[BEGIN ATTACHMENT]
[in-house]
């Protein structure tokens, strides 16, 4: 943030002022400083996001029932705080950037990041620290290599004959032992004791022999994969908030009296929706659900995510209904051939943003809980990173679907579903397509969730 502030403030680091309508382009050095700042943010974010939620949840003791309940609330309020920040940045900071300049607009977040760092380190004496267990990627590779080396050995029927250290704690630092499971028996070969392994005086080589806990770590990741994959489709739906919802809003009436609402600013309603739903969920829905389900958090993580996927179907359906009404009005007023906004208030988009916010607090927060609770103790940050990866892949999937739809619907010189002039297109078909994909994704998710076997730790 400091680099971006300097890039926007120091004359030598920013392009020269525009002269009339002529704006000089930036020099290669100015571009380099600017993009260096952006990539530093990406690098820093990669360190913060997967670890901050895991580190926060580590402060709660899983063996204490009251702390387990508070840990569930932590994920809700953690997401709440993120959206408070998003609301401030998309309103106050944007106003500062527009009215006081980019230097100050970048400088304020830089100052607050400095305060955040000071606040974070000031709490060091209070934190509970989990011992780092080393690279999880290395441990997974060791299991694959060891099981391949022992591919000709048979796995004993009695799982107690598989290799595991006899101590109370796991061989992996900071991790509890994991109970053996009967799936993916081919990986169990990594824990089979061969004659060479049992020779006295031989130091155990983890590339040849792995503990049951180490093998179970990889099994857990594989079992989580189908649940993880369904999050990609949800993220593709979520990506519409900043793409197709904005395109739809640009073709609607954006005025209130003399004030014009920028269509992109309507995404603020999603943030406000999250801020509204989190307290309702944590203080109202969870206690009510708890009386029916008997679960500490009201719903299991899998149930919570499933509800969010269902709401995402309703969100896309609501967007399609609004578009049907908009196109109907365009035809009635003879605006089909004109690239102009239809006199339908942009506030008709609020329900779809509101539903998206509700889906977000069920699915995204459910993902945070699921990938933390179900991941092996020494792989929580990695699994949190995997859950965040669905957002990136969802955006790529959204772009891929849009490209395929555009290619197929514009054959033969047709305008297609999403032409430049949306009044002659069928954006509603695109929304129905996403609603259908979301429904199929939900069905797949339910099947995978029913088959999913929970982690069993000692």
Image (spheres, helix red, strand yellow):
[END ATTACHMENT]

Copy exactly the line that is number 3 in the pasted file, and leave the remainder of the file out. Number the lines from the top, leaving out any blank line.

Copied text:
Image (spheres, helix red, strand yellow):